PASE: Prosopography of Anglo-Saxon England

Domesday

[Image: Excerpt from the Domesday Book]
[Image: Durham Liber Vitae, folio 38r (extract)]

Almund 3 ‘of Rylstone’ (Yorks. WR), fl. 1066

Male
Author: CPL
Editorial Status: 4 of 5

Discussion of the name

Summary

Almund 3 was a modestly well-off thegn with three estates assessed at 11 carucates in the Yorkshire Dales. Their value before 1066 is unknown because they were recorded as waste in 1086.

Distribution map of property and lordships associated with this name in DB

List of property and lordships associated with this name in DB

Holder 1066

Shire Phil. ref. Vill Holder 1066 DB Spelling Holder 1066 Lord 1066 Tenant-in-Chief 1086 1086 subtenant Fiscal value 1066 value 1086 value Holder 1066 ID conf. Show on map
Yorkshire 29W39 Rylstone Almunt Almund 'of Rylstone' - Dolfin 'of Rylstone' - 4.00 0.00 0.00 B Map
Yorkshire 29W40 Hartlington Almunt Almund 'of Rylstone' - Dolfin 'of Rylstone' - 1.00 0.00 0.00 B Map
Yorkshire 30W10 Arnford Almund Almund 'of Rylstone' - Roger the Poitevin - 2.00 0.00 0.00 B Map
Yorkshire 30W10 Wigglesworth Almund Almund 'of Rylstone' - Roger the Poitevin - 2.00 0.00 0.00 B Map
Yorkshire 30W10 Caretorp Almund Almund 'of Rylstone' - Roger the Poitevin - 2.00 0.00 0.00 B Map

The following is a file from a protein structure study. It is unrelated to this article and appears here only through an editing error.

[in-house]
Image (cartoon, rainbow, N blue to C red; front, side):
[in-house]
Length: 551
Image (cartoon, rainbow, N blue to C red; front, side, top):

Total               11.00 0.00 0.00  

Profile

It is not certain whether the name given in the Yorkshire folios as Almund and Almunt stands for Æthelmund or Ealhmund. If Æthelmund, the name was rare enough in DB, and the location of the West Riding estates isolated enough, for identification with one of the handful of other Æthelmunds to be impossible. If Ealhmund, he was perhaps the same person as the Ealhmund who had a house in York. Since Rylstone is 40 miles from the city, the likelihood that a relatively modest thegn whose estates were so far up country owned urban property there is not high.

The two different spellings of the name map on to two different successors in 1086, and in theory we might be dealing with two different Almunds, but geography tells in favour of their common identity. Hartlington in Wharfedale was less than 5 miles across the fells from Rylstone, with Arnford and its berewicks some 10 miles further west, across into Ribblesdale. Almund’s estate was split up after 1066 not because there were two Almunds but because Ribblesdale was given en bloc to Roger the Poitevin.

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